Ireland has already been hit with 10m euro in fines - and rising - over a similar peat slide at another wind farm under construction in Co Galway in 2003.
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Mudman
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« Reply #5 on: November 21, 2020, 10:44:38 AM »

... and good post in the landslide blog here: 

https://blogs.agu.org/landslideblog/2020/11/16/meenbog-peat-slide-1/

and about another Ireland peat slip here https://blogs.agu.org/landslideblog/2020/11/17/mount-eagle/
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Ted
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« Reply #6 on: November 21, 2020, 10:46:50 AM »

This is the 2003 incident - https://en.wikipedia.org/wiki/2003_Derrybrien_landslide
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todthedog
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« Reply #7 on: November 21, 2020, 11:59:34 AM »

Blimey that is scary. Always concerned that another Aberfan might occur insufficient monitoring due to cutbbacks.


https://en.wikipedia.org/wiki/Aberfan_disaster
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Kidwelly South Wales
biff
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« Reply #8 on: November 21, 2020, 01:50:09 PM »

The scariest thing of all is a bog on top of a lake,
          This is a very common occurrence.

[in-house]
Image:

Once when I went along with a family to lift their turf,  it was just a simple job of driving along the top of the bink  as the family hurled the turf on to the trailer.
 Their tractor was a much prized McCormack International of very good vintage, The governors were set to rev up and down as it sat ticking over, So it would rev to maybe 1000rpm, then shut down but restart just as it was about to die, over and over again.. out on the road it ran perfect.
   There was one rule for both the bog and the beach, you never switched off the engine . Never.
   After a few loads, we called for tea, and left the tractor drumming over about 50ft away while we had our cold tea and Farral Scones.
   We felt nothing for the first 5 minutes, maybe because we were all laughing and joking, but then the whole bink  began to quiver to the up and down revs, It became more than a little uncomfortable till suddenly the driver jumped up and ran for the tractor, leaving us all sitting and telling us to stay and he would be back within the hour.
    When he came back he was towing his trailer with his old T20 TVO which ticked over like a sowing machine. They were days of soft breezes and still heat hazes,  My old man had a Cropmaster  twins front and back, He used a large slipe on the end of a heavy wire rope which was attached to a winch, He would get up to speed and sail along with the slipe tight to the back of the tractor putting the weight on the rear, but when he felt the Tractor starting to bog, he pulled the lever to play out the cable and would re engage the winch once he was over the soft spot,  The problem was, once he got bogged, It was a major operation getting the tractor out. Petrol was dear back then at half a crown a gallon or 2shillings and 6pence. Approx 12 and a half new pence.
   We had a lot of respect for the bog.
    Biff